14. Recreational drugs. Societal and professional issues.

    Science.gov (United States)

    Solari-Twadell, P A

    1991-06-01

    Recreational drug use presents a challenge to society and, in particular, the profession of nursing. Recreational drug use must be appreciated for the implications it presents for the episodes of abuse and development of chronic health problems. The effects and recreational use of volatile substances, cannabis, opioids, barbiturates, benzodiazepines, amphetamines, cocaine, psychedelics, and designer drugs as well as alcohol, caffeine, and nicotine must be acknowledged and understood if options for change are to be considered. The resultant cost of recreational drug use as well as health care implications, public safety, and prevention are significant issues society is faced with today. These issues will continue to be significant unless the current posture toward recreational drug use and abuse is addressed. The profession of nursing continues to be faced with the problems associated with recreational drug use not only through caring for clients, but immediately by the effects of recreational drug use on individual professional nurses. To respond effectively, nursing education and nursing research must be challenged to create an emphasis on this focus. Only through this type of multifocal approach will long-term substantial change be affected for the betterment of future generations.

  15. Rationale simplified hardening training and recreational complexes future teachers

    Directory of Open Access Journals (Sweden)

    Verbludov I.B.

    2010-02-01

    Full Text Available Distribution in the modern world epidemiological diseases are influenza and acute respiratory viral infections requires a search for simplified, effective preventive means. The main direction of prevention of these diseases is to strengthen and enhance the activities of the immune system. Strengthening the protective systems of the body is directly related to the constant holding of different types of hardening. This study illustrates the possibility of using quenching air and water in the independent exercise training and recreational facilities in all conditions of students.

  16. Validity and reliability of the Center for Epidemiologic Studies-Depression scale on Colombians adolescent students Validez y confiabilidad de la escala del Center for Epidemiologic Studies-Depression en estudiantes adolescentes de Colombia

    OpenAIRE

    José Fidel Latorre; Álvaro Andrés Navarro-Mancilla; Mauricio Escobar; Jorge Augusto Franco; Paul Anthony Camacho; Germán Eduardo Rueda-Jaimes

    2009-01-01

    Introduction. Major depressive disorder is the second major cause of adolescent psychological incapacitation in Latin-America. However, scales for detecting these disorders have not been validated for screening adolescents in Colombia.
    Objective. The validity and reliability of a Spanish translation of the Center for Epidemiologic Studies (CES-D)-Depression scale was assessed in adolescent students.
    Materials and methods. A validation study for a diagnostic scale was per...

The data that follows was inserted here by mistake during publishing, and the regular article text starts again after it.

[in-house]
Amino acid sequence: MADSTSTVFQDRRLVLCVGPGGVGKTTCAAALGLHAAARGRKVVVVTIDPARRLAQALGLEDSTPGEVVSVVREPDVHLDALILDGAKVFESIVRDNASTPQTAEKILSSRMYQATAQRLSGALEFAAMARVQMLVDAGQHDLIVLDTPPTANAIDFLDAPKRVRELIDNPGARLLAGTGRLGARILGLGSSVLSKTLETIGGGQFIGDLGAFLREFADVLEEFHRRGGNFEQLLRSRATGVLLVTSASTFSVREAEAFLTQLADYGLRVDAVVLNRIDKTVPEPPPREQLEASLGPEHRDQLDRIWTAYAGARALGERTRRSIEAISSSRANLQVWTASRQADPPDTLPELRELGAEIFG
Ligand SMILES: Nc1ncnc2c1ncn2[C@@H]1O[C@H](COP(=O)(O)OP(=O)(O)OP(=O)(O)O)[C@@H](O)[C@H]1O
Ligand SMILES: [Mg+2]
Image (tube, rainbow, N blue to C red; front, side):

17. Účinky rekreačních aktivit s volejbalovou a plaveckou náplní na antropometrické charakteristiky a funkční schopnosti studentů The effects of recreational activities with volleyball and swimming contents on the anthropometric characteristics and functional abilities of students

    Directory of Open Access Journals (Sweden)

    Joško Milenkoski

    2006-02-01

    Full Text Available Základním cílem tohoto experimentálního výzkumu bylo zkoumat účinnost rekreačních programů s volejbalovou a plaveckou náplní. Byl prováděn na vzorku 368 studentů mužského pohlaví z Univerzity v Niš, kteří byli rozdělení do 3 podskupin. 115 účastníků bylo přiřazeno do experimentální skupiny, která se věnovala volejbalu, 126 tvořilo experimentální skupinu, která se věnovala plavání a 127 představovalo kontrolní skupinu. Při použití dvou různých programů rekreačního cvičení došlo v průběhu tréninku experimentálních skupin ke zvýšení funkčních schopností, zvláště v případě experimentální skupiny, která se věnovala rekreační volejbalové náplni. U experimentální skupiny, která se věnovala volejbalu, byl stanoven významnější nárůst maximální anaerobní schopnosti a relativního i absolutního maximálního příjmu kyslíku. Využití tohoto typu cvičení při tréninku zaměřeném na jejich vývoj se proto jeví jako opodstatněné. V případě zbývajících dvou experimentálních skupin byl pozorován významný nárůst vitální kapacity plic. Pokud jde o obvodová měření těla a tukové tkáně, byl u experimentální skupiny vůči kontrolní skupině zaznamenán rozdíl ve snížení tukové tkáně a tělesné hmotnosti a zároveň nárůst hodnot při obvodovém měření, což byl důsledek nárůstu svalové tkáně na úkor tkáně tukové. U kontrolní skupiny byl při obvodovém měření zaznamenán nárůst hodnot, a to na úkor tukové tkáně. The basic aim of this experimental research was to study the effectiveness of recreational programs with volleyball and swimming contents. It was carried out on a sample of 368 male students of the University of Niš, which were divided into 3 sub-samples; 115 subjects were part of an experimental group which trained volleyball contents, 126 made up the experimental group which trained swimming

  18. Re-Creation in the Age of Wisdom : Involuntary Job Transition in Women over 50